Views & Reviews Review of the week

Blade runners

BMJ 2007; 335 doi: https://doi.org/10.1136/bmj.39317.669213.4E (Published 06 September 2007) Cite this as: BMJ 2007;335:515
  1. Harold Ellis, emeritus professor of surgery, King's College London

    A new textbook on surgical complications is a timely aid for modern surgeons faced with multiple risk factors, Harold Ellis finds

    How do you judge a good surgeon? Certainly not by appearance. The only person at Westminster Hospital when I was there who looked like a surgeon—tall, distinguished, beautifully dressed, hair just greying at the sides, long tapering fingers—was the hospital barber. What you must take into account is diagnostic skill, ability to communicate, empathy with patients, research ability, and, of course, technical skill in the operating theatre. Don't judge a surgeon by mortality figures: the better the surgeon, the stickier the patients referred to him or her. Overly cautious surgeons may never lose a patient, but a lot of “bad” patients might be denied the chance of relief through surgery.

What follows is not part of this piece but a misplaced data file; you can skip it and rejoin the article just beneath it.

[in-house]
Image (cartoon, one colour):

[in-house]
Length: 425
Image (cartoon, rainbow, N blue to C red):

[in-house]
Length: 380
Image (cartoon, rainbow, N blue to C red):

Also important, but difficult to quantify, is …

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